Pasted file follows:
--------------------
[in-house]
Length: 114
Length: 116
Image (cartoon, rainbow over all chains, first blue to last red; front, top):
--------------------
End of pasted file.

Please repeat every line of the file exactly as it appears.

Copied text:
[in-house]
Length: 114
Length: 116
Image (cartoon, rainbow over all chains, first blue to last red; front, top):